Wander from The Lanes into Gardner Street, where a cinema is topped by giant red-and-white striped cancan legs, one of which has kicked a black shoe onto the adjacent roof. This district is North Laine, and those romping Regency weekenders would be pleased by its raffish liveliness.

The dining room at the Pike & Pine in Kemp Town.
The dining room at the Pike & Pine in Kemp Town. Photo: Supplied

Kensington Street is nicknamed Graffiti Alley for its street art, the colourful face of Brighton's newfound, youthful edginess. You'll find great street art everywhere in this district: anti-war cartoons, pop icons, a famous Banksy depicting two policemen pashing, and a giraffe straight from a Georgian-era etching.

Chain stores are verboten and alternative shops encouraged in The Lanes. You can get pierced, buy organic coffee, browse for native American jewellery and investigate a vegan shoe designer ("a treat for your feet if you don't eat meat"). Good restaurant picks include The Chilli Pickle for Indian, La Choza for Mexican, and Pompoko for Japanese that has locals queuing out the door.

For an elegant show of Regency architecture, stray into Kemptown. The place to dine here is Pike & Pine, which showcases the intricate and beautifully presented plates of formerly Michelin-awarded chef Matt Gillan. Unexpectedly glorious matchings include poached trout with ox tongue, and duck leg with peanut butter and pineapple. If you sit at the long marble counter you can watch the chefs putting final touches to the artfully arranged plates.

Pan-fried chicken livers with apple and beetroot chutney at English's of Brighton.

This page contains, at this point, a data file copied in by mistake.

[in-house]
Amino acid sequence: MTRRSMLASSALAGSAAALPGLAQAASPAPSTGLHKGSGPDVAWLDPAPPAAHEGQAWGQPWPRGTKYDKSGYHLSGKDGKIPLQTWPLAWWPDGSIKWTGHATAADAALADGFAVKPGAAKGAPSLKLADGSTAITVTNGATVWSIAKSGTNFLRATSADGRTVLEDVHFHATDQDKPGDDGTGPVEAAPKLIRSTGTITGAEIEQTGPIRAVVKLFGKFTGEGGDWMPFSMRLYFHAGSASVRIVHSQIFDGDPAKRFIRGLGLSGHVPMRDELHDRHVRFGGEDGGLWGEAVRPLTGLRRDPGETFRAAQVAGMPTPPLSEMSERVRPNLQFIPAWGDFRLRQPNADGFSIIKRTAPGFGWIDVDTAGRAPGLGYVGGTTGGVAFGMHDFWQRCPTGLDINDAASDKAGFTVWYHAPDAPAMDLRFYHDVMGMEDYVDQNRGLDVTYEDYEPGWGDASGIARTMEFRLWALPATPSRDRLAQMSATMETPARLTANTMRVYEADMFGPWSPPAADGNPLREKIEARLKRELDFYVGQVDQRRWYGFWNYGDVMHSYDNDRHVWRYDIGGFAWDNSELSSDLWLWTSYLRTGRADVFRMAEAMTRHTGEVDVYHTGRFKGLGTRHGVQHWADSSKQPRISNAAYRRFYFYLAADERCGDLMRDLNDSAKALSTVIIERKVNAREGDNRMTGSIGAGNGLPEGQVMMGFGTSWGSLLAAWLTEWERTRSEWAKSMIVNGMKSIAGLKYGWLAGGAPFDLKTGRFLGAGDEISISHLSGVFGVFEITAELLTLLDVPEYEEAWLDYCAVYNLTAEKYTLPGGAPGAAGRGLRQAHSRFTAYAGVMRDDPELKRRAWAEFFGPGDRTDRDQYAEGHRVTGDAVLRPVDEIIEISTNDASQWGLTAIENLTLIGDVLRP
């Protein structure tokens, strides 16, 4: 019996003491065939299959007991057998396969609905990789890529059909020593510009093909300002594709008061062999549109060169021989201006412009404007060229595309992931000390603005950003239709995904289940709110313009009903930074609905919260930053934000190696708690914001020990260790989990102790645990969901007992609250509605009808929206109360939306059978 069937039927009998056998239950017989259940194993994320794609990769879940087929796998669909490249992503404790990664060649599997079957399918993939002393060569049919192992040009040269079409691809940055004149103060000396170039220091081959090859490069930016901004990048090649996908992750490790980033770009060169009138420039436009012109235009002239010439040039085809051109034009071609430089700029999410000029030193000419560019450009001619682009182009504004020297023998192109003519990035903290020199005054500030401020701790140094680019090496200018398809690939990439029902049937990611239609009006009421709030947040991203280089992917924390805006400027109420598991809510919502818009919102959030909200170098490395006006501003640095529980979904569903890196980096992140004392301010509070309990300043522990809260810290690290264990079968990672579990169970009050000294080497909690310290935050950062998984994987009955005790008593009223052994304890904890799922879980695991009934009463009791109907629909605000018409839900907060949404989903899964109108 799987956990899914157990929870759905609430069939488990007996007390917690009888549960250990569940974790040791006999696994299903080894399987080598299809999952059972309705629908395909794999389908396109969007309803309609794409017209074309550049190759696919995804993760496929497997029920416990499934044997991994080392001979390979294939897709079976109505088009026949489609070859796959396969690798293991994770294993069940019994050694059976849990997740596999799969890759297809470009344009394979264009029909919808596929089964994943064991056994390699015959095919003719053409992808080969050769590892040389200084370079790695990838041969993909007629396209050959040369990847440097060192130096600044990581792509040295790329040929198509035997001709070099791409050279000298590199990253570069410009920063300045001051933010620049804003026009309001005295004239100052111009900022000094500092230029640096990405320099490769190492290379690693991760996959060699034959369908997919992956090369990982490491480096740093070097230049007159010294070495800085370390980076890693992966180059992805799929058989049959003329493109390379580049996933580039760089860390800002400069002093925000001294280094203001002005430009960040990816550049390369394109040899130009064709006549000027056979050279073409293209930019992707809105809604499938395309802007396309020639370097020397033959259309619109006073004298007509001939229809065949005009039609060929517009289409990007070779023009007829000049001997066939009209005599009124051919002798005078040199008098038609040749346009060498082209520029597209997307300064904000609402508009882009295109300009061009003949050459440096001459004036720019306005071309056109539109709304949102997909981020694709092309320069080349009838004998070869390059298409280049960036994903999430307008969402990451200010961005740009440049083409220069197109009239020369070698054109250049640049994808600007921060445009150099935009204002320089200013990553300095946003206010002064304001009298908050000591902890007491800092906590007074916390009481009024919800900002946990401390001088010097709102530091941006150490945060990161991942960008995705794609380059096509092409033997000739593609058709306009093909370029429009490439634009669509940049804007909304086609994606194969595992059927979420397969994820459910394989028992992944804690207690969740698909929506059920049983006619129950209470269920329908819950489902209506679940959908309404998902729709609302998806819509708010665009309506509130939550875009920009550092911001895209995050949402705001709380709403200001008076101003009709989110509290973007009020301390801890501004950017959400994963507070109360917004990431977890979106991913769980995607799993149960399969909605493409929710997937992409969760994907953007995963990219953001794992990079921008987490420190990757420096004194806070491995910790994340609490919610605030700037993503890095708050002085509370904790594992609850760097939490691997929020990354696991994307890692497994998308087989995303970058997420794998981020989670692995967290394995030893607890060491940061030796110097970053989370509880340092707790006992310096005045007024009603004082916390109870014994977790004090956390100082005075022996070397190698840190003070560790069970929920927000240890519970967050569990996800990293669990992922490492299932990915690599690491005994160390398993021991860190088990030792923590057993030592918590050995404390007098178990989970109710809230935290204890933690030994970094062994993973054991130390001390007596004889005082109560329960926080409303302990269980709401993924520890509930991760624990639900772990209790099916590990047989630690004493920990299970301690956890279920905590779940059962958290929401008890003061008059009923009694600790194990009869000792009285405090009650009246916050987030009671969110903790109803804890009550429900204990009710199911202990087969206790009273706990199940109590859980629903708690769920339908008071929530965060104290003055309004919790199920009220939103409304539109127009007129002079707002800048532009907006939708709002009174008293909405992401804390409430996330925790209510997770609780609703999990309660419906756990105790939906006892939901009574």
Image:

Pan-fried chicken livers with apple and beetroot chutney at English's of Brighton. Photo: Supplied

As you head back into town towards the waterfront, Terra a Terre is another of Brighton's long-established vegetarian restaurants. The colourful, inventive dishes are all up-to-date, however. They don't just look sensational but pack an explosion of flavours to confound anyone who persists in thinking meatless cuisine is both bland and beige. Polenta puddings stuffed with smoked tomato and mushrooms are topped with horseradish and cranberry beads. An Indian-inspired take on roesti is packed with spice and served with tandoori haloumi and coconut raita.

Bistro at Hotel du Vin, with its breezy blue decor and scrubbed wooden floors, looks as if it has been teleported in from New England. It's notable for its lengthy wine menu and classic French bistro dishes, rejigged: the onion soup is topped with pork crackling and apple sauce, the rabbit pâté​ studded with guindilla chillies.

On the waterfront itself, The Salt Room belies its location inside a chain hotel, and its rather bare interior and jeans-clad waiters, by being one of Brighton's best restaurants. Langoustines grilled in their shells take on a smoky charcoal flavour, the soup dense with chunks of mackerel and octopus is fabulous, and the steaks would satisfy even a Regency glutton.

A dessert plate of uber-chic doughnuts, ice-cream and fairy floss is a nod to old-time Brighton Pier across the street. Yet in its Willy Wonka show of masterful contemporary kitchen technique, it's also a symbol of how much Brighton's food scene – and the town itself – has been transformed. Enough, even, to tempt an Australian to an English pebble beach.



The Cricketers,

64 Degrees,

Food for Friends,

Riddle & Finns,

English's of Brighton,

The Chilli Pickle,

La Choza,


Pike & Pine,

Terra a Terre,

Bistro at Hotel du Vin,

The Salt Room,


Cathay Pacific flies from Sydney and Melbourne to Hong Kong with onward daily connections to London. Brighton is 90 minutes south. See


Hotel Una has 19 individually styled rooms in an updated terrace house near Brighton's seafront. See

Brian Johnston was a guest of Visit Britain.